The companions faced the fasces.  Now, the owners of the slave girl were profiting from the payments people made to them so that she would tell their fortunes.  Without the demon in her, she was no good to them.  They went to the magistrate of the city and brought charges against Paul and Silas for damaging the business and causing a public nuisance.  With the crowds now whipped in anger against Paul and Silas, the magistrate acted swiftly.  He ordered them to be beaten with fasces, and placed in jail, in locks causing them to sit up all night. The fasces was a club made from narrow branches bound together until the bundle was about 6 inches in diameter.  Sometimes an ax blade would be embedded.  Paul and Silas would have been horribly bruised with probable broken ribs.  Yet, in their suffering, they sang hymns and praise to God through the night.

Paul and Silas in Prison

The companions experienced the joy of the jailer.  It just so happened, that night an earthquake hit Philippi.  The quake loosened the locks and opened the doors.  Now, if a prisoner escaped from jail, the jailer would be held accountable by torture and execution.  Paul and Silas not only did not leave the jail, but they also prevented the other prisoners from escaping.  As the jailer prepared to commit suicide because of the thought of his doom, Paul and Silas assured him that all were accounted for.  They also shared the grace and peace of Jesus.  The jailer took Paul and Silas to his home to have their wounds cleaned.  Paul continued to share about Jesus.  The jailer and all his household came to faith and were baptized immediately.  In his joy, though in the middle of the night, the jailer made a great meal for them.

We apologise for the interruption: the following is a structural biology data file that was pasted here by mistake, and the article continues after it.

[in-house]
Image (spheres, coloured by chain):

The rest of the story:  In the morning, Paul revealed to the jailer that he and Silas were Roman citizens.  No citizen of Rome can be punished without a trial, to do so brought severe consequences on the magistrate.  The jailer sent word to the magistrate that ordered their beating and imprisonment.  Though the magistrate gave the order for their immediate release, Paul would not leave the jail until the magistrate came to the jail and apologized for his hasty behavior, which the magistrate did.  He also invited Paul to leave the city quickly and asked if he would be so kind not to inform the Roman officials of his error. 

Paul:  Called to Suffer

Are you keeping count of Paul’s sufferings: Conflict with Peter in Antioch and Jerusalem; Illness in Pisidian Antioch; Stoning in Derbe; Beating with fasces, locked in locks, and jailed in Philippi? 

The loss of some vision due to illness, the breaking of bones in his hands and ribs from stoning and beatings, the raw skin from the locks on his ankles, Paul absorbed the brutality of his adversaries and prevailed. 

What drives Paul through his suffering?  Vision drives Paul.  The Holy Spirit drives Paul.  God called Paul to follow, to go and to suffer.  Suffering came to Paul because of his obedience to follow and to go.

Do you have a vision for your life that you follow?  Do you have a vision so compelling that you would leave your life as you know it and go? Do you have vision so deep and so radical that you would suffer being beaten or being jailed?  If you do not, let me introduce to you another. 

You see, “God so loved the world that he gave his only Son, so that everyone who believes in him won't perish but will have eternal life. God didn't send his Son into the world to judge the world, but that the world might be saved through him.”

This vision of God’s meant that he would suffer and die on the cross, that you and I might believe through the faith of Jesus Christ. 

Christ has come among us.

Christ has died.

Christ has risen.

Christ abides with us.

Christ will come again.

Paul writes, “We were buried with Christ through baptism into death in order that, just as Christ was raised from the dead through the glory of the Father, we too may live a new life.”—Romans 6:4.